NASUWT teachers in England to be re-balloted on strikes after pay offer rejected

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Teachers in England represented by the NASUWT union will be re-balloted on strike action after 87% of members who voted rejected the Government’s pay offer.

The teaching union, which represents 280,000 serving teachers across the UK, is now the fourth to reject the pay offer from the Department for Education (DfE).

The turnout in the consultative ballot was 52.4% of the 130,000 eligible membership in England, with 77% saying they would be willing to vote for strike action.

The Government offered a £1,000 one-off payment for the current school year (2022/23) and an average of 4.5% rise for staff next year (2023/24) was also rejected by the National Education Union (NEU), the National Association of Head Teachers (NAHT) and the Association of School and College Leaders (ASCL).

Industrial strike
The union rejected the average 4.5% pay increase from the UK Government (Andrew Milligan/PA)

He said: “Today the NASUWT is putting the Secretary of State for Education on notice of our intention to ballot our members for industrial action.

“The Government’s pay offer failed to come close to addressing the concerns over pay and working conditions of teachers and this has rightly been rejected by our members.

“Gillian Keegan has said that she is willing to negotiate and to listen to the profession. She must now demonstrate that she means what she says by getting back around the negotiating table to find a resolution to our dispute.

“The onus is now on the Government to come forward with a fully-funded pay offer that will be acceptable to the profession.”

It comes as pupils in England face missing five days of school next term, with the NEU approving further strike action over the pay dispute.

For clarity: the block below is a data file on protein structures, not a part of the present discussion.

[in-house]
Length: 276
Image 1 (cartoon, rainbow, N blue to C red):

Compensation for education staff
Dr Patrick Roach is general secretary of the National Association of Schoolmasters Union of Women Teachers (NASUWT) (Yui Mok/PA)

Union chiefs have condemned the pay offer further after the UK Government said the bulk of the 4.5% increase should come from existing school budgets.

In January, a NASUWT strike ballot failed to reach the 50% threshold but nine in 10 members did vote to strike.

Speaking to journalists in Glasgow, Dr Roach said he had confidence the new ballot would pass the threshold amid rising anger among members.

He said: “We are confident, our activists are confident, conference is confident. Yeah there’s work to do.

“But what I’m more concerned about frankly is… the end game for us has never been about industrial action. The end game for us has always been about securing an agreement.”

He urged Ms Keegan to act with “frankness and integrity” when approaching future negotiations.

He also said summer term strikes “could be on the cards” for the union.

A DfE spokesperson said the move by the teaching union was “extremely disappointing”.

They added: “Following a week negotiating in good faith, the Government offered teachers a £1,000 payment on top of this year’s pay rise, a commitment to cut workload by five hours per week, and a headline pay increase of 4.5% for next year – above both inflation and average earnings growth.

“The offer was funded, including major new investment of over half a billion pounds, and helps tackle issues teachers are facing like workload. NEU, NAHT, ASCL and NASUWT’s decisions to reject this offer will simply result in more disruption for children and less money for teachers today.”

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